proper, lectures on political philosophy
Political philosophy
Political philosophy is the study of such topics as liberty, justice, property, rights, law, and the enforcement of a legal code by authority: what they are, why they are needed, what, if anything, makes a government legitimate, what rights and freedoms it should protect and why, what form it...

 or the theory of government, and from 1800 onwards a separate course of lectures was delivered on political economy, then almost unknown as a science. Stewart's enlightened political teaching was sufficient, in the times of reaction succeeding the French Revolution
French Revolution
The French Revolution , sometimes distinguished as the 'Great French Revolution' , was a period of radical social and political upheaval in France and Europe. The absolute monarchy that had ruled France for centuries collapsed in three years...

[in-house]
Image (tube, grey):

, to draw upon him the undeserved suspicion of disaffection to the constitution. The summers of 1788 and 1789 he spent in France, where he met Suard, Degbrando, Raynal
Guillaume Thomas François Raynal
Guillaume Thomas Raynal was a French writer and man of letters during the Age of Enlightenment.He was born at Lapanouse in Rouergue...

, and came to sympathize with the revolutionary movement.